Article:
The practice is useful for academic writing tasks, asking, “How has your opinion on this topic changed after reading and discussing this text?” as well as social and emotional understanding, asking, “What did you think/feel after witnessing or hearing about the fight that happened today?” Writing and reflection may be intimidating at first, so remind students that their ideas do not have to be fully formed.

Full Article:


Translating Mindfulness to Distance Learning


 BY Michael Ray


Ray, Michael. “Translating Mindfulness to Distance Learning.” Edutopia, George Lucas Educational Foundation, 17 July 2020, www.edutopia.org/article/translating-mindfulness-distance-learning.

Marketing and Design Coordinator

Rachel Wixey & Associates

[Emily]

I chose this article because it has a lot of wonderful mindfulness challenges to do with students who are currently adjusting to distance learning. Some of these, such as mindful eating, is something I plan to incorporate into my daily life, as I think it is important to take the time to be in the moment and enjoy the small pleasures in life. 

How Mindfulness Helps Students in Brooklyn School Cope With Pandemic And Social Justice Issues

An article from Byklyner. by Meghan Leborious

Students may be drawn first to the calming impacts of mindfulness, but mindfulness can also be seen as empowerment – a way to eliminate the internal obstacles that stop them from stepping fully into their power, dignity, and creativity – essential tools on the path to racial justice, and essential tools on the path to real freedom and equality.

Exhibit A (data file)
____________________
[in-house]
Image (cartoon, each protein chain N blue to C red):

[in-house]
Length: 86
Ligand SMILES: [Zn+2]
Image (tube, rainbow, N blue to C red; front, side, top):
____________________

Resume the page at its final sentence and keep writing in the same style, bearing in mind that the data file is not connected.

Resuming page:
Over the four years since I started a mindfulness program at Cobble Hill High School in Brooklyn where I teach, I’ve watched student after student find their power by turning inside, where it was waiting all along. In the process, students learn to be strong advocates for themselves and for their communities.

During the Spring 2020 semester, more than one student wrote, Mindfulness doesn’t mean you always have to be peaceful.

Unite NY Rally on Juneteenth 2020. Adrian Childress/Bklyner

Several students shared how mindfulness has helped them cope with the murders of George Floyd, Breonna Taylor, Ahmaud Arbery, and others, and also with the ongoing pandemic.

“What stood out was how much more this was affecting me than I realized, until I actually sat and broke down what I was really scared and worried about,” shared one student. Another wrote, “You have the right to be completely angry or sad, but mindfulness helps you break away and meditate to calm down.”

Students had a full semester of mindfulness before the pandemic, but I had no idea how it would play out once they were in remote learning and almost totally on their own. We started using a popular mindfulness app to support us, and many students dove deep, some understanding the benefits of mindfulness for the first time. One student shared that while every member of his household was sick with COVID, he would practice daily on his balcony to stay sane.

Teachers have been independently bringing mindfulness to NYC students for twenty years or more, but it wasn’t until 2017 that the New York City Department of Education placed their official stamp of approval on mindfulness instruction as a valid option for meeting the social and emotional needs of students, appointing Barnaby Spring as the first-ever Director of Mindfulness.

Mindfulness in Schools for Student Wellness & Equity